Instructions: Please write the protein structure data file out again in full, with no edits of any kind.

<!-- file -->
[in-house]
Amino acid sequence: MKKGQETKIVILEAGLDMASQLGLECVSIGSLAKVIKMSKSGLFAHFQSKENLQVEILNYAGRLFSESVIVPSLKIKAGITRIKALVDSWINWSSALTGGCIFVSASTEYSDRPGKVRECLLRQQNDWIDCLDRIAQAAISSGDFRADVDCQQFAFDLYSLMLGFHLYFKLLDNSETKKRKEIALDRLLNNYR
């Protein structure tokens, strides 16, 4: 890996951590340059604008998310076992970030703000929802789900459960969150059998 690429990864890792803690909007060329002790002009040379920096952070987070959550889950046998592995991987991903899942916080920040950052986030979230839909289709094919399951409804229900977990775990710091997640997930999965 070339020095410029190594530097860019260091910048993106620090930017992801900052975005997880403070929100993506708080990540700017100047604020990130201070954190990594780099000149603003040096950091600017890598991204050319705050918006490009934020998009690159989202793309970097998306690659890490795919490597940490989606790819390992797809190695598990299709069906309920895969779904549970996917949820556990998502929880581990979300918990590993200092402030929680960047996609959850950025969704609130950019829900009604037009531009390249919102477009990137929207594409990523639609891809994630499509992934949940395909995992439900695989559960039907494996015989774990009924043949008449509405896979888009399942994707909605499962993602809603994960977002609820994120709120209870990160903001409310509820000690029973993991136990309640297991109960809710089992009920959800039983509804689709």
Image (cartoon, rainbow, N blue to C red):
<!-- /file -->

[in-house]
Amino acid sequence: MKKGQETKIVILEAGLDMASQLGLECVSIGSLAKVIKMSKSGLFAHFQSKENLQVEILNYAGRLFSESVIVPSLKIKAGITRIKALVDSWINWSSALTGGCIFVSASTEYSDRPGKVRECLLRQQNDWIDCLDRIAQAAISSGDFRADVDCQQFAFDLYSLMLGFHLYFKLLDNSETKKRKEIALDRLLNNYR
């Protein structure tokens, strides 16, 4: 890996951590340059604008998310076992970030703000929802789900459960969150059998 690429990864890792803690909007060329002790002009040379920096952070987070959550889950046998592995991987991903899942916080920040950052986030979230839909289709094919399951409804229900977990775990710091997640997930999965 070339020095410029190594530097860019260091910048993106620090930017992801900052975005997880403070929100993506708080990540700017100047604020990130201070954190990594780099000149603003040096950091600017890598991204050319705050918006490009934020998009690159989202793309970097998306690659890490795919490597940490989606790819390992797809190695598990299709069906309920895969779904549970996917949820556990998502929880581990979300918990590993200092402030929680960047996609959850950025969704609130950019829900009604037009531009390249919102477009990137929207594409990523639609891809994630499509992934949940395909995992439900695989559960039907494996015989774990009924043949008449509405896979888009399942994707909605499962993602809603994960977002609820994120709120209870990160903001409310509820000690029973993991136990309640297991109960809710089992009920959800039983509804689709």
Image (cartoon, rainbow, N blue to C red):